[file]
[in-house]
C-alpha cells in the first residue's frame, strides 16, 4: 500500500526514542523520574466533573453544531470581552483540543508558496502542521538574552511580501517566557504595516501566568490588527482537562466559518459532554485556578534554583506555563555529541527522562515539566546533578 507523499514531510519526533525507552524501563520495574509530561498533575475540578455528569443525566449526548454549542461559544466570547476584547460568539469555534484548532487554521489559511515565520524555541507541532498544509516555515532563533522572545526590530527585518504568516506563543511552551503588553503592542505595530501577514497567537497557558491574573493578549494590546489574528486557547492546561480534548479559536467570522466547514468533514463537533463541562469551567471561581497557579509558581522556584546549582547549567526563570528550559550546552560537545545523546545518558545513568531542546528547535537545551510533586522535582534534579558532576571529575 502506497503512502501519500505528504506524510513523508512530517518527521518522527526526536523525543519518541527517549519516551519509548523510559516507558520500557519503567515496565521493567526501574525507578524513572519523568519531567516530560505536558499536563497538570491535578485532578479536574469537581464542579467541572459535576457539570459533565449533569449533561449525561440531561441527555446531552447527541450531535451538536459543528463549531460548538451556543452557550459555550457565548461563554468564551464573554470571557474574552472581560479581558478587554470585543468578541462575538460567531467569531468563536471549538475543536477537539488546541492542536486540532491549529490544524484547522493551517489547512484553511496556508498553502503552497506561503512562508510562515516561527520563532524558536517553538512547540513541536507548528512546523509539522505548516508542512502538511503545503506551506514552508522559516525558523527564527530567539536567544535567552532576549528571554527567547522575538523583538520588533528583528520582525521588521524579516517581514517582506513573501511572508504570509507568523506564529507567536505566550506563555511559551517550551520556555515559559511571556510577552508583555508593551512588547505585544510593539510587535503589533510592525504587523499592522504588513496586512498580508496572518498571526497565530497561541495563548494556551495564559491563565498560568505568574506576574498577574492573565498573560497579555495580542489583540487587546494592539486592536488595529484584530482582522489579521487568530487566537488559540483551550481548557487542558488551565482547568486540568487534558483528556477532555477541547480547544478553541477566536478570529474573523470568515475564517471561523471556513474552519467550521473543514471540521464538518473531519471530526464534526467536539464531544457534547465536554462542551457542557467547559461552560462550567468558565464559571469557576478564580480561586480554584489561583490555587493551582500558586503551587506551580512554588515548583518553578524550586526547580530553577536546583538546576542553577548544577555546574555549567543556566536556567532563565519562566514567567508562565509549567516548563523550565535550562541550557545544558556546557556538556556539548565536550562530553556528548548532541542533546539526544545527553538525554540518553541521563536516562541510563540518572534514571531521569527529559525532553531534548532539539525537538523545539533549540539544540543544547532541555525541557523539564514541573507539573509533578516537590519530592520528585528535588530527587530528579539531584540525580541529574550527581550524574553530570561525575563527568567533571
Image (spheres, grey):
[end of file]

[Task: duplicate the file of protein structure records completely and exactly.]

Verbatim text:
[in-house]
C-alpha cells in the first residue's frame, strides 16, 4: 500500500526514542523520574466533573453544531470581552483540543508558496502542521538574552511580501517566557504595516501566568490588527482537562466559518459532554485556578534554583506555563555529541527522562515539566546533578 507523499514531510519526533525507552524501563520495574509530561498533575475540578455528569443525566449526548454549542461559544466570547476584547460568539469555534484548532487554521489559511515565520524555541507541532498544509516555515532563533522572545526590530527585518504568516506563543511552551503588553503592542505595530501577514497567537497557558491574573493578549494590546489574528486557547492546561480534548479559536467570522466547514468533514463537533463541562469551567471561581497557579509558581522556584546549582547549567526563570528550559550546552560537545545523546545518558545513568531542546528547535537545551510533586522535582534534579558532576571529575 502506497503512502501519500505528504506524510513523508512530517518527521518522527526526536523525543519518541527517549519516551519509548523510559516507558520500557519503567515496565521493567526501574525507578524513572519523568519531567516530560505536558499536563497538570491535578485532578479536574469537581464542579467541572459535576457539570459533565449533569449533561449525561440531561441527555446531552447527541450531535451538536459543528463549531460548538451556543452557550459555550457565548461563554468564551464573554470571557474574552472581560479581558478587554470585543468578541462575538460567531467569531468563536471549538475543536477537539488546541492542536486540532491549529490544524484547522493551517489547512484553511496556508498553502503552497506561503512562508510562515516561527520563532524558536517553538512547540513541536507548528512546523509539522505548516508542512502538511503545503506551506514552508522559516525558523527564527530567539536567544535567552532576549528571554527567547522575538523583538520588533528583528520582525521588521524579516517581514517582506513573501511572508504570509507568523506564529507567536505566550506563555511559551517550551520556555515559559511571556510577552508583555508593551512588547505585544510593539510587535503589533510592525504587523499592522504588513496586512498580508496572518498571526497565530497561541495563548494556551495564559491563565498560568505568574506576574498577574492573565498573560497579555495580542489583540487587546494592539486592536488595529484584530482582522489579521487568530487566537488559540483551550481548557487542558488551565482547568486540568487534558483528556477532555477541547480547544478553541477566536478570529474573523470568515475564517471561523471556513474552519467550521473543514471540521464538518473531519471530526464534526467536539464531544457534547465536554462542551457542557467547559461552560462550567468558565464559571469557576478564580480561586480554584489561583490555587493551582500558586503551587506551580512554588515548583518553578524550586526547580530553577536546583538546576542553577548544577555546574555549567543556566536556567532563565519562566514567567508562565509549567516548563523550565535550562541550557545544558556546557556538556556539548565536550562530553556528548548532541542533546539526544545527553538525554540518553541521563536516562541510563540518572534514571531521569527529559525532553531534548532539539525537538523545539533549540539544540543544547532541555525541557523539564514541573507539573509533578516537590519530592520528585528535588530527587530528579539531584540525580541529574550527581550524574553530570561525575563527568567533571
Image (spheres, grey):